Fruit take 8-9 months to mature from pollination. Grafted plants may produce 5-6kg of fruit/tree after 4 years in-ground, gradually increasing to 60kg/tree by year 10. Good trees may yield up to 500 fruits weighing 100-200g each (exceptionally 1kg). Lucuma is a climacteric fruit and will not ripen properly if picked when still immature. However determining the best time to harvest is problematic as skin colour may change only slightly from green to yellow-green or hardly at all. Nevertheless they should be picked before they drop as flesh is then delicate and the thin skin does not afford protection from bruising. They should be kept at room temperature for ripening (3-10 days), indicated by marked softening; scratching should also not release any latex. Fully mature fruit can be kept at 13-15°C for 2-3 weeks.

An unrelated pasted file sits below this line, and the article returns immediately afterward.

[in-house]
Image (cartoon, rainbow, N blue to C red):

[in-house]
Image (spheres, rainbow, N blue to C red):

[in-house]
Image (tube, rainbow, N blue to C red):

The fresh fruit is very popular in its native areas but the dry mealy texture does not appeal to everyone. It is more commonly eaten in processed forms where it is used to flavour beverages, ice-creams, pastries and other desserts. Pulp can be stored frozen or dried, with the latter often ground to a yellow-orange powder for use in beverages, baking and other products. The flavour has been described as similar to coffee, vanilla and butterscotch with a hint of maple syrup.
Generally minimal problems. In South America pests that have been reported include fruit fly, hairy worm, whitefly and scale, and the main disease can be powdery mildew on leaves. The fruit is very attractive to birds and all fruit-eating creatures.
Lucuma is difficult to source in WA and likely to be a seedling exhibiting significant sexual variation. Plus you may have to wait for several years to get through the juvenile stage. However as a sub-tropical growing in lowland Central Chile, it should crop reasonably well in the Perth surrounds, as does one of its near relatives, canistel. But you’ll have to ensure it gets sufficient watering in our dry climate. Well-managed fully mature trees can be very good croppers, so if you succeed and no matter how much you can eat fresh, experimentation with all sorts of processed forms will be needed to cope with the output!